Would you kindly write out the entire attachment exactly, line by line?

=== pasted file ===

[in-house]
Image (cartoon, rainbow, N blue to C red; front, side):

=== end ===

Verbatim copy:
[in-house]
Image (cartoon, rainbow, N blue to C red; front, side):